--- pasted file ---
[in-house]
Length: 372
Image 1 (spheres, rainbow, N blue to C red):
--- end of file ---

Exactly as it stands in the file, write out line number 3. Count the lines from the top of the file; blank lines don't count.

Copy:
Image 1 (spheres, rainbow, N blue to C red):